### Blunt, pointed, flat, salient, and proper cones

According to the above definition, if *C* is a convex cone, then *C* ∪ {**0**} is a convex cone, too. A convex cone is said to be **pointed** if **0** is in *C*, and **blunt** if **0** is not in *C*.[1][15] Blunt cones can be excluded from the definition of convex cone by substituting "non-negative" for "positive" in the condition of α, β.

A cone is called **flat** if it contains some nonzero vector *x* and its opposite -*x,* meaning *C* contains a linear subspace of dimension at least one, and **salient** otherwise.[16][17] A blunt convex cone is necessarily salient, but the converse is not necessarily true. A convex cone *C* is salient if and only if *C* ∩ −*C* ⊆ {**0**}.

Some authors require salient cones to be pointed.[18] The term "pointed" is also often used to refer to a closed cone that contains no complete line (i.e., no nontrivial subspace of the ambient vector space *V*, or what is called a salient cone).[19][20][21] The term **proper** (**convex**) **cone** is variously defined, depending on the context and author. It often means a cone that satisfies other properties like being convex, closed, pointed, salient, and full-dimensional.[22][23][24] Because of these varying definitions, the context or source should be consulted for the definition of these terms.

### Rational Cones

A type of cone of particular interest to pure mathematicians is the partially ordered set of rational cones. "Rational cones are important objects in toric algebraic geometry, combinatorial commutative algebra, geometric combinatorics, integer programming." [25]. This object arises when we study cones in together with the lattice . A cone is called **rational** (here we assume "pointed", as defined above) whenever its generators all have integer coordinates, i.e., if is a rational cone, then .

## Dual cone

Let *C* ⊂ *V* be a set, not necessary a convex set, in a real vector space *V* equipped with an inner product. The (continuous or topological) **dual cone** to *C* is the set

which is always a convex cone.

More generally, the (algebraic) dual cone to *C* ⊂ *V* in a linear space V is a subset of the dual space *V** defined by:

In other words, if *V** is the algebraic dual space of *V*, it is the set of linear functionals that are nonnegative on the primal cone *C*. If we take *V** to be the continuous dual space then it is the set of continuous linear functionals nonnegative on *C*.[26] This notion does not require the specification of an inner product on *V*.

In finite dimensions, the two notions of dual cone are essentially the same because every finite dimensional linear functional is continuous,[27] and every continuous linear functional in a inner product space induces a linear isomorphism (nonsingular linear map) from *V** to *V*, and this isomorphism will take the dual cone given by the second definition, in *V**, onto the one given by the first definition; see the Riesz representation theorem.[26]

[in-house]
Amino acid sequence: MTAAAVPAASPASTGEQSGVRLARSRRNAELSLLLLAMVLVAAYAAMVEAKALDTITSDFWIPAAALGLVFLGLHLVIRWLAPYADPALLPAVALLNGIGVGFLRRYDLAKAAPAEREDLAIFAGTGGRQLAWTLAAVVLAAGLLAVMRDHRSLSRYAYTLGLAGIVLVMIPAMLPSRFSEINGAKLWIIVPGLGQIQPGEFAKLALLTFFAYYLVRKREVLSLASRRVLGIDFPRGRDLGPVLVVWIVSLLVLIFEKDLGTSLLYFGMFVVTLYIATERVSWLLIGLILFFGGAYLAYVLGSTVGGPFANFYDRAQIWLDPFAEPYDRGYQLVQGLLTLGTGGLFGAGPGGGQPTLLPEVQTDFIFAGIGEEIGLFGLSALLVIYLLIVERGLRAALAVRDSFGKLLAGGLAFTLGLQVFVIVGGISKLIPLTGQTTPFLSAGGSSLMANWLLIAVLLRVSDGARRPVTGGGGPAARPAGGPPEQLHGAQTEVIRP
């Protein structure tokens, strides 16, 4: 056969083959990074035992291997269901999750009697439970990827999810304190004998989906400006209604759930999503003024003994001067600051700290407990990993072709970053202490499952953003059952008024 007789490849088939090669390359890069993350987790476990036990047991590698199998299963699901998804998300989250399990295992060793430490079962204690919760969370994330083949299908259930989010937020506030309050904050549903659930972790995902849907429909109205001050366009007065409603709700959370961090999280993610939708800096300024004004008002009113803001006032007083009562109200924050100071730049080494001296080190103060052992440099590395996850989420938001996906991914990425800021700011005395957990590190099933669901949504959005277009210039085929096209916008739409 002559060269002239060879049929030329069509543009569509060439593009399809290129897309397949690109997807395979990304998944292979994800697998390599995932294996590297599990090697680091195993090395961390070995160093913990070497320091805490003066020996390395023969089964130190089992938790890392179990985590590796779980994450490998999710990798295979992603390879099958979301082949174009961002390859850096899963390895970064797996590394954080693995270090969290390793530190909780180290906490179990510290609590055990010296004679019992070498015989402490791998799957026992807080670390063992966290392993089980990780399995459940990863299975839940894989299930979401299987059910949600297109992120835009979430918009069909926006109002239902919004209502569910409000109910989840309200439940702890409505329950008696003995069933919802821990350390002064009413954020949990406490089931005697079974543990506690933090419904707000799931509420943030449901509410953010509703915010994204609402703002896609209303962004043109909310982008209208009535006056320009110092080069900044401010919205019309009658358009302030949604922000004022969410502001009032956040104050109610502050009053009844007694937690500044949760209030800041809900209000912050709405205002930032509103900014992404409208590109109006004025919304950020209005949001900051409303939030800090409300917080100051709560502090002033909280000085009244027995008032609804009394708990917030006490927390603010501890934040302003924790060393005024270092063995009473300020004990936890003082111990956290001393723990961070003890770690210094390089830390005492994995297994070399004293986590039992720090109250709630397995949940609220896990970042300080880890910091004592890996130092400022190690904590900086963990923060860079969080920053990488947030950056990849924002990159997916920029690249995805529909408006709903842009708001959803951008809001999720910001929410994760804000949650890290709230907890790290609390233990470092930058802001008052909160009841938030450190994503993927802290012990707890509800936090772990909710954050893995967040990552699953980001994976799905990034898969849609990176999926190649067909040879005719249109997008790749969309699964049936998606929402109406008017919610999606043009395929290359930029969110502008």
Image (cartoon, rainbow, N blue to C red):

If *C* is equal to its dual cone, then *C* is called **self-dual**. A cone can be said to be self-dual without reference to any given inner product, if there exists an inner product with respect to which it is equal to its dual by the first definition.

## Partial order defined by a convex cone

A pointed and salient convex cone *C* induces a partial ordering "≤" on *V*, defined so that if and only if (If the cone is flat, the same definition gives merely a preorder.) Sums and positive scalar multiples of valid inequalities with respect to this order remain valid inequalities. A vector space with such an order is called an ordered vector space. Examples include the product order on real-valued vectors, and the Loewner order on positive semidefinite matrices. Such an ordering is commonly found in positive semidefinite programming.

## See also

## Notes

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*Encyclopedic Dictionary of Mathematics*. MIT Press. ISBN 9780262590204. - Rockafellar, Ralph Tyrell (2015-04-29).
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*Algebraic and Geometric Ideas in the Theory of Discrete Optimization*. SIAM. ISBN 9781611972443. - Schrijver, Alexander (1998-07-07).
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*Integer Programming*. Springer. p. 111. ISBN 9783319110080. - Korte, Bernhard; Vygen, Jens (2013-11-11).
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*Monomial Algebras, Second Edition*. CRC Press. p. 9. ISBN 9781482234701. - Dhara, Anulekha; Dutta, Joydeep (2011-10-17).